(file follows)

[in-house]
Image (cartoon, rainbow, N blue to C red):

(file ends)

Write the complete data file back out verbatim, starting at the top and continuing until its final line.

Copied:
[in-house]
Image (cartoon, rainbow, N blue to C red):